5. Ask for feedback

Everyone likes to feel valued, so asking for feedback is a prime way to build a donor relationship. You can ask for more general feedback, like what they think of your communication cadence, or direct feedback, like what it would take to get them to join your board of directors.

6. Hire a donor relations professional

If you’re experiencing rapid growth and/or have the resources, having a full-time donor relations manager can really improve your donor relations efforts. Having someone to answer any donor question will make every supporter feel, well, more supported! Plus, they’ll keep your donor pipeline strong for the future.

7. Hold an appreciation event

What better way to improve relationships with your donors than a designated donor appreciation event? Host a luncheon or a wine tasting or a puppy-cuddle-a-thon. Then, shout your gratitude far and wide, sharing how your donors have made an impact and how they can keep helping in the future.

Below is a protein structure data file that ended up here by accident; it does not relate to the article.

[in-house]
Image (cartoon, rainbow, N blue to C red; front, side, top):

Final points

Just like personal relationships, donor relationships take work. At the end of the day, here’s what you really need to know.

  • Donor stewardship and donor relations are often used interchangeably, but donor stewardship is a part of donor relations. Donor stewardship starts after a donor makes a gift, while donor relations is the entire relationship-building process.
  • Donor relations are important for increasing donor retention, recurring gifts, and new donors. Plus, you never know where your next major gift will come from.
  • Solid communication is at the heart of donor relations. Reach out consistently, personalize your outreach, vary your asks, and, occasionally, get offline and pick up the phone.
  • CRM software can help you segment your donors, automate communications, and track every interaction, leading to improved donor relationships.
  • Get everyone at your organization involved in donor relationship building so that each donor feels connected to the whole organization—not just one individual.